For a Rotary Club to conduct its programmes it needs cash.  David was also a very active member of our club at that grass roots level, cooking barbecues, selling wine and raffle tickets and doing whatever else needed to be done to raise money.
Not all of David’s activity in Rotary was serious.  There are many of us who attended a Rotary District Conference in Mildura some years ago, and who will never forget the sight of David Mellen at about 6 foot 4 inches in height and weighing in excess of 16 stone, wearing a ballet tutu, a blue singlet, and work boots performing a ballet  with a somewhat shorter Ron Lehman and others, also wearing the same style of costume.  They danced to the tune of “Nobody Loves a Fairy when she is 40”, and their performance was hilarious. 
David was a well-respected and highly valued member of our Rotary club, and we valued his wisdom. David was awarded Rotary’s highest honours.  He was awarded a Paul Harris Fellowship in 2001, a Paul Harris Fellowship Sapphire Pin in 2013, and the Avenues of Service Citation in 2013.
David Mellen was a good man.  He was our friend and we will miss him.
Vale Dave Mellen.

We Need You!

In seven months the new District 9510 will come into being.
As part of the new District structure, a Communications Committee is being established from Districts 9500 & 9520.
Current members of both Districts Committees are males and in the interest of balanced and diverse views we are seeking representation from female members.
Among other things the Communications Committee will be responsible for the Newsletter publications and is in need of assistance.
If you would like to be part of this evolving Committee and help shape the communication strategies for the future, please contact DGE David Jones for more information.
Email David Jones DG2020@rotary9510.org

DG 2022 - 2023 Applications

Dear fellow Rotarians.
The Rotary districts 9500 and 9520, after agreement of the joint G train for both districts has determined the composition of the nominating committee for the position of District Governor for district 9510 in the year 2022-2023.
Below are links to the approved application form, a document outlining the roles of the District Governor, a document outlining election rules for selection and a document outlining the management structure of district 9510.
Applications open on 11 November 2019 and applications close on 27 January 2020. Only applications on the prescribed form attached will be accepted.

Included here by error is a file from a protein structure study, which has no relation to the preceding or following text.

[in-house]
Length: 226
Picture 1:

It is proposed that the selection committee will meet on 1 February 2020. Details will be sent to candidates on procedures for selection immediately on the close of applications.
All applications must be submitted to David Fenton, District Secretary designate at secretary20-22@rotary9510.org
If you wish to discuss this and want more information feel free to contact me
Tim Klar
District Governor D9520 2019-20
A Centenary Logo

In 2021 Rotary celebrates 100 years of service in Australia and New Zealand and we need a powerful, engaging logo to help build our story. A competition has been launched to help make an impact. What creativity can you conjure that captures the heart and soul of our centenary? Separate designs for both New Zealand and Australia will be welcome. Or a design that covers both countries — a design that enhances Rotary’s broader branding. Everyone is welcome to enter — Rotarians, professionals, friends and family. And your story will be an important part of the logo’s launch. We are tapping into the passion and energy of volunteers who will be rewarded simply with a heart-felt thanks acknowledged by Rotary leaders. Your story will be part of our centenary story. The competition is now open and closes on 15 December. This is your chance to make a mark on history!

For more information contact Rotary Melbourne R100 Team Leader Hugh Bucknell on: hbucknal@bigpond.net.au

Phone +61 3 9819 3309 or visit http://www.rotary100down under.com .

Bronwyn's ShelterBox Activities:

Having selected Shelterbox as her partner’s project, Bronwyn continues to advocate support for ShelterBox at club visits with Governor Tim.
She was delighted to receive donations from breakfast club, Eastwood and dinner club Victor Harbor, on the same day.
Di Maas, wife of the District Secretary, Peter Maas, recently held a very successful high tea as a fundraiser and Megan Graham, a ShelterBox Response Team member from Booleroo Centre spoke of her recent deployment to Bangladesh delivering  ShelterBox aid.